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Box office top 20: 'Furious' takes a victory lap

Before the arrival of "Guardians and the Galaxy Vol. 2," ''The Fate of the Furious" took one more victory lap at the North American box office, leading all movies in ticket sales for the third straight week.

The film, which has passed $1 billion globally, grossed $19.9 million domestically over the weekend, according to final box office figures from comScore on Monday. The reign of the "Furious" sequel, however, is sure to end this weekend when "Guardians" kicks off the summer season.

In the lull between blockbusters, several smaller films did relatively strong business. The Eugenio Derbez comedy "How to Be a Latin Lover," opened in second with $12.2 million. It drew an 89 percent Latino audience. And the South Indian film "Baahubali 2: The Conclusion" came in third with $10.4 million despite playing on only 420 screens.

Both films bested the badly reviewed Emma Watson and Tom Hanks thriller "The Circle," which debuted with $9 million.

The top 20 movies at U.S. and Canadian theaters Friday through Sunday, followed by distribution studio, gross, number of theater locations, average receipts per location, total gross and number of weeks in release, as compiled Monday by comScore:

1. "The Fate Of The Furious," Universal, $19,936,540, 4,077 locations, $4,890 average, $193,268,115, 3 Weeks.

2. "How To Be A Latin Lover," Lionsgate, $12,252,439, 1,118 locations, $10,959 average, $12,252,439, 1 Week.

3. "Baahubali 2: The Conclusion," Great India Films, $10,354,532, 425 locations, $24,364 average, $10,354,532, 1 Week.

4. "The Boss Baby," 20th Century Fox, $9,372,386, 3,739 locations, $2,507 average, $148,787,970, 5 Weeks.

5. "The Circle," STX Entertainment, $9,034,148, 3,163 locations, $2,856 average, $9,034,148, 1 Week.

6. "Beauty And The Beast," Disney, $6,825,595, 3,155 locations, $2,163 average, $480,525,828, 7 Weeks.

7. "Going In Style," Warner Bros., $3,607,144, 2,761 locations, $1,306 average, $37,346,914, 4 Weeks.

8. "Smurfs: The Lost Village," Sony, $3,558,031, 2,554 locations, $1,393 average, $37,977,532, 4 Weeks.

9. "Gifted," Fox Searchlight, $3,364,270, 2,215 locations, $1,519 average, $15,894,295, 4 Weeks.

10. "Unforgettable," Warner Bros., $2,412,141, 2,417 locations, $998 average, $8,950,960, 2 Weeks.

11. "Born In China," Disney, $2,385,812, 1,508 locations, $1,582 average, $8,819,843, 2 Weeks.

12. "Lost City Of Z, The," Bleecker Street, $1,806,634, 866 locations, $2,086 average, $4,913,080, 3 Weeks.

13. "Get Out," Universal, $1,710,240, 1,563 locations, $1,094 average, $172,534,250, 10 Weeks.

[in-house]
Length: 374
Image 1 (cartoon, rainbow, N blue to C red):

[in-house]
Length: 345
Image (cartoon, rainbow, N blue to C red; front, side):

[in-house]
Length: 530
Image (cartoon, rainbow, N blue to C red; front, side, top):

14. "Sleight," OTL Releasing, $1,701,785, 565 locations, $3,012 average, $1,701,785, 1 Week.

15. "The Promise," Open Road, $1,443,046, 2,251 locations, $641 average, $7,067,064, 2 Weeks.

16. "Kong: Skull Island," Warner Bros., $1,121,735, 933 locations, $1,202 average, $165,487,121, 8 Weeks.

17. "The Zookeeper's Wife," Focus Features, $991,805, 997 locations, $995 average, $14,808,000, 5 Weeks.

18. "The Case For Christ," Pure Flix, $989,072, 1,050 locations, $942 average, $13,054,237, 4 Weeks.

19. "Power Rangers," Lionsgate, $855,661, 889 locations, $962 average, $84,234,169, 6 Weeks.

20. "Logan," 20th Century Fox, $771,459, 614 locations, $1,256 average, $224,508,170, 9 Weeks.

5 things you don't know about Baby Groot of 'Guardians'

Baby Groot was "born" at the end of the first "Guardians of the Galaxy" film, and the extraterrestrial, treelike creature is a tiny, scene-stealing superhero in "Vol. 2."

Voiced by Vin Diesel, the computer-generated character usually says just one thing — "I am Groot" — but it means everything, and his intergalactic comrades always seem to understand his (often foul-mouthed) message.

Groot — regenerated from the massive tree-like character in the first film — can grow his arms and legs into twisted branches that can open doors and drawers and pull him into and out of tight spots, but here are five things you don't know about the woodsy humanoid:

1. Groot apparently took on various duties behind the camera. Stay tuned through the closing credits of "Guardians, Vol. 2" to spot Groot's "contributions" throughout. Groot's name appears throughout the credits — in graphics, special effects and various other departments — which are worth sitting through for the inevitable Marvel movie-ending "Easter eggs" that hint at future action.

2. Baby Groot is an unofficial Earth Day ambassador. Marvel, which considers Groot to be "the galaxy's top tree," joined with the Disney Conservation Fund and the Nature Conservancy to plant a tree every time the hashtag #GrootDanceBomb shows up on social media. Marvel aims to donate $250,000 by the time the film opens Friday.